David Bourget (Western Ontario)
David Chalmers (ANU, NYU)
Rafael De Clercq
Jack Alan Reynolds
Learn more about PhilPapers
Philosophical Explorations (2001)
Various deficits in the cognitive functioning of people with autism have been documented in recent years but these provide only partial explanations for the condition. We focus instead on an imitative disturbance involving difficulties both in copying actions and in inhibiting more stereotyped mimicking, such as echolalia. A candidate for the neural basis of this disturbance may be found in a recently discovered class of neurons in frontal cortex, 'mirror neurons' (MNs). These neurons show activity in relation both to specific actions performed by self and matching actions performed by others, providing a potential bridge between minds. MN systems exist in primates without imitative and ‘theory of mind’ abilities and we suggest that in order for them to have become utilized to perform social cognitive functions, sophisticated cortical neuronal systems have evolved in which MNs function as key elements. Early developmental failures of MN systems are likely to result in a consequent cascade of developmental impairments characterised by the clinical syndrome of autism.
|Keywords||No keywords specified (fix it)|
|Categories||categorize this paper)|
Setup an account with your affiliations in order to access resources via your University's proxy server
Configure custom proxy (use this if your affiliation does not provide a proxy)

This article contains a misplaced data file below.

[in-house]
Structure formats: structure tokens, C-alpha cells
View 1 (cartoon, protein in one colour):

|Through your library|
References found in this work BETA
No references found.
Citations of this work BETA
Meredith R. Wilkinson & Linden J. Ball (2012). Why Studies of Autism Spectrum Disorders Have Failed to Resolve the Theory Theory Versus Simulation Theory Debate. Review of Philosophy and Psychology 3 (2):263-291.
Luca Bonini, Pier Francesco Ferrari & Leonardo Fogassi (2013). Neurophysiological Bases Underlying the Organization of Intentional Actions and the Understanding of Others' Intention. Consciousness and Cognition 22 (3):1095-1104.
Victoria Pitts‐Taylor (2013). I Feel Your Pain: Embodied Knowledges and Situated Neurons. Hypatia 28 (4):852-869.
Derek Hodgson (2013). Cognitive Evolution, Population, Transmission, and Material Culture. Biological Theory 7 (3):237-246.
Victoria Southgate & Antonia F. de C. Hamilton (2008). Unbroken Mirrors: Challenging a Theory of Autism. Trends in Cognitive Sciences 12 (6):225-229.
Similar books and articles
Elhanan Borenstein & Eytan Ruppin (2005). The Evolutionary Link Between Mirror Neurons and Imitation: An Evolutionary Adaptive Agents Model. Behavioral and Brain Sciences 28 (2):127-128.
Jonas T. Kaplan & Marco Iacoboni (2005). Listen to My Actions! Behavioral and Brain Sciences 28 (2):135-136.
Giacomo Rizzolatti & Corrado Sinigaglia (2007). Mirrors in the Brain: How Our Minds Share Actions and Emotions. OUP Oxford.
Tony Charman (2001). Understanding the Imitation Deficit in Autism May Lead to a More Specific Model of Autism as an Empathy Disorder. Behavioral and Brain Sciences 25 (1):29-30.
Emma Borg (2007). If Mirror Neurons Are the Answer, What Was the Question? Journal of Consciousness Studies 14 (8):5-19.
Dieter Lohmar (2006). Mirror Neurons and the Phenomenology of Intersubjectivity. Phenomenology and the Cognitive Sciences 5 (1):5-16.
Lawrence Shapiro (2009). Making Sense of Mirror Neurons. Synthese 167 (3):439 - 456.
Added to index2009-01-28
Total downloads24 ( #102,736 of 1,696,570 )
Recent downloads (6 months)8 ( #69,930 of 1,696,570 )
How can I increase my downloads?